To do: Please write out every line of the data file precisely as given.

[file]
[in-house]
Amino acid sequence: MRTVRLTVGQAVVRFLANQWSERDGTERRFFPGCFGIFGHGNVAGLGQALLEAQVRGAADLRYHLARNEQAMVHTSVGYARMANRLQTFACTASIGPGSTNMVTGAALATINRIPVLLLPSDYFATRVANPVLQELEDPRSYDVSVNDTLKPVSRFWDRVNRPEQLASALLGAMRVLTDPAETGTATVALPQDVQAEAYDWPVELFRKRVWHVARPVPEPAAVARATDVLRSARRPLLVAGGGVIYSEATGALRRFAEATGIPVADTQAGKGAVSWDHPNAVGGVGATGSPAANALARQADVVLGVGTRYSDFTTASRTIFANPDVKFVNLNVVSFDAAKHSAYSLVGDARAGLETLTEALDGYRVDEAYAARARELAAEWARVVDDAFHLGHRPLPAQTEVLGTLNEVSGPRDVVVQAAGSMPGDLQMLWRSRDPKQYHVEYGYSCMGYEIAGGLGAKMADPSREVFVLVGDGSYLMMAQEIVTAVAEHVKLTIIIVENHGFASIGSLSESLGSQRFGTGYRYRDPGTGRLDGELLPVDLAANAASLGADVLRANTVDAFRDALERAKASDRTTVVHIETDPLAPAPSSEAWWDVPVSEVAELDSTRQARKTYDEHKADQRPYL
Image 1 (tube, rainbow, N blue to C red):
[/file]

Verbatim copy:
[in-house]
Amino acid sequence: MRTVRLTVGQAVVRFLANQWSERDGTERRFFPGCFGIFGHGNVAGLGQALLEAQVRGAADLRYHLARNEQAMVHTSVGYARMANRLQTFACTASIGPGSTNMVTGAALATINRIPVLLLPSDYFATRVANPVLQELEDPRSYDVSVNDTLKPVSRFWDRVNRPEQLASALLGAMRVLTDPAETGTATVALPQDVQAEAYDWPVELFRKRVWHVARPVPEPAAVARATDVLRSARRPLLVAGGGVIYSEATGALRRFAEATGIPVADTQAGKGAVSWDHPNAVGGVGATGSPAANALARQADVVLGVGTRYSDFTTASRTIFANPDVKFVNLNVVSFDAAKHSAYSLVGDARAGLETLTEALDGYRVDEAYAARARELAAEWARVVDDAFHLGHRPLPAQTEVLGTLNEVSGPRDVVVQAAGSMPGDLQMLWRSRDPKQYHVEYGYSCMGYEIAGGLGAKMADPSREVFVLVGDGSYLMMAQEIVTAVAEHVKLTIIIVENHGFASIGSLSESLGSQRFGTGYRYRDPGTGRLDGELLPVDLAANAASLGADVLRANTVDAFRDALERAKASDRTTVVHIETDPLAPAPSSEAWWDVPVSEVAELDSTRQARKTYDEHKADQRPYL
Image 1 (tube, rainbow, N blue to C red):